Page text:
Even as a die-hard NFL fan, I am not particularly invested in Josh Gordon as a person or player, except for during the occasional face-off against his fantasy owners. But since my sister got engaged to a Browns fan (and by extension, became a secondary fan herself), I’ve often found myself randomly shooting the breeze with her about random Cleveland players and the other day Josh Gordon just happened to become our most recent topic of a discussion.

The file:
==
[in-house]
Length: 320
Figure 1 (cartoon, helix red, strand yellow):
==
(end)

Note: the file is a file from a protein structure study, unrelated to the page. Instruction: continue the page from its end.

For those who don’t know much about the Cleveland Browns (understandable) or pro football (unforgivable), Josh Gordon is an ultra-talented second-year wide receiver, albeit one with a history of documented drug use. Gordon played college ball at Baylor with stud Washington Redskins quarterback Robert Griffin III, but was kicked off the team and out of the college after two violations of the school’s drug policy, the first of which involved Gordon unceremoniously (but admittedly hilariously) being discovered with marijuana after falling asleep in a Taco Bell drive-thru. Gordon subsequently transferred to Utah intending to finish his college career there, but instead opted to declare for the 2011 NFL Supplemental Draft, ultimately missed the deadline, and sat out an entire year before being taken in the second round of the 2012 supplemental draft by the Browns. Entering the NFL seemed to signify the turning of a corner for Gordon, who finished his first season with over 800 receiving yards and 5 touchdowns (very solid numbers, for the NFL layman), lots of highlight-reel plays, and serious hype among fans and analysts as a future NFL superstar. However, Gordon followed up his promising rookie year by testing positively for codeine during one of the NFL’s random drug tests, bringing his total number of drug violations to three. In addition to being suspended for the first two games of the 2013 season (which he has now already served), Gordon now faces the possibility of a year-long ban from the NFL for his next infringement.